Woodworkers Club of Houston

March 2014 Projects



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March meeting’s guest speaker was Dr. Dave Mueller who spoke on what is spalting and even how to make spalted wood which can provide a beautiful accent to wooden piece of art.  Dr. Mueller explained that “Spalting is generally defined as any penetrating color found in wood, that is caused by very specific fungi groups”.  Spalting is nature’s way of “recycling” wood.  The difference between spalting and black surface mold is that spalting only occurs on dead wood whereas surface mold only occurs on the surface.  Dr. Mueller emphasized that surface mold that is NOT spalting.  (Note:  If that was so Houstonians could make a fortune thanks to the local humidity).  

Dr. Mueller addressed the causes of spalting, what is needed for spalting to occur, types of spalting and provided numerous photos of spalting plus examples of crafts made from spalted wood. Dr. Mueller talked about techniques that woodworkers and artisans can use to create their own spalted wood designs.  Dr. Mueller stated that credit must be given to Dr. Sara Robinson, Asst. Prof. of Wood Anatomy, Oregon State University, for her extensive research into the science of spalting.  Dr Robinson’s website is: www.northernspalting.com.  Dr. Mueller’s website is: http://www.aggieturner.com.



Josh Nichols shows off his table made of quarter sawn oak. Bob Wink was asked to make a statement about no guns for children and this is what he came up with.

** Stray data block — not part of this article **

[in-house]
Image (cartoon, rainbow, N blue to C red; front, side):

Refridgerator magnets grace the display of Chuck Lickwar.

Chuck Meeder's own "Ode to Joy" of music in ash and mahogany.  The rose is of mahogany and maple and the frame is of cherry.





John Gay dazzles members with his lock box of maple and oak with his customary secret compartment.  John certainly holds the "key" to woodworking. 

Jerry Harmsen shows off some pens that he crafted of various woods.  Now he can sit down and write himself a letter. Don't let the box fool you into thinking he's going to smoke one.

Fred Sandoval explained how he can use his wooden tap to cut threads in wooden bolts.  Fred used mahagony and red oak.

While Tim Shaunty isn't the "Little Old Wine Maker" he certainly knows how to convert railroad trestle wood into wine accessories. Tim asked the railroads what woods were used and they replied "many" and "all types".
Rick Spacek shows off his scroll sawed double owl and cemetery scene that he entitled, "Standing Watch", made of Baltic birch. Tim Shaunty also crafted this wine rack of railroad bridge wood.  Did someone bring the cheese? Niklas Oberfeld described how he crafted compound cars from 1/2 inch laminates, scroll sawed boxes of spalted pecan and a toy blackboard with Home Depot blackboard paint. Ron Kuenning holds a doormat of cedar and river rocks.  Do you really think he's going to let people walk all over his artwork?


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